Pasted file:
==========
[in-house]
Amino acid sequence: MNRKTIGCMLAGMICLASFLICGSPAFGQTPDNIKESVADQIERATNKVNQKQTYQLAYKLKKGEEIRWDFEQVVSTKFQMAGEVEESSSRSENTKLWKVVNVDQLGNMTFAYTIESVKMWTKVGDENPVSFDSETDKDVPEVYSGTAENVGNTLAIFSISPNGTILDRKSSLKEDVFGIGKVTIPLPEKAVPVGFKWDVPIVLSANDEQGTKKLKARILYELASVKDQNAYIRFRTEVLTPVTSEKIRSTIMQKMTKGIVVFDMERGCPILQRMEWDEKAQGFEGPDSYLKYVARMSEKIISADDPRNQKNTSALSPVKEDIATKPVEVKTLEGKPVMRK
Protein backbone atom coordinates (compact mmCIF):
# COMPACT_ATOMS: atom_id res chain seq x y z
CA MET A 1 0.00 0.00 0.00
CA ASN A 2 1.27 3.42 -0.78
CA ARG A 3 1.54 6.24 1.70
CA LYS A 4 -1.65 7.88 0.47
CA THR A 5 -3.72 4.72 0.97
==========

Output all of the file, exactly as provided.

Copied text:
[in-house]
Amino acid sequence: MNRKTIGCMLAGMICLASFLICGSPAFGQTPDNIKESVADQIERATNKVNQKQTYQLAYKLKKGEEIRWDFEQVVSTKFQMAGEVEESSSRSENTKLWKVVNVDQLGNMTFAYTIESVKMWTKVGDENPVSFDSETDKDVPEVYSGTAENVGNTLAIFSISPNGTILDRKSSLKEDVFGIGKVTIPLPEKAVPVGFKWDVPIVLSANDEQGTKKLKARILYELASVKDQNAYIRFRTEVLTPVTSEKIRSTIMQKMTKGIVVFDMERGCPILQRMEWDEKAQGFEGPDSYLKYVARMSEKIISADDPRNQKNTSALSPVKEDIATKPVEVKTLEGKPVMRK
Protein backbone atom coordinates (compact mmCIF):
# COMPACT_ATOMS: atom_id res chain seq x y z
CA MET A 1 0.00 0.00 0.00
CA ASN A 2 1.27 3.42 -0.78
CA ARG A 3 1.54 6.24 1.70
CA LYS A 4 -1.65 7.88 0.47
CA THR A 5 -3.72 4.72 0.97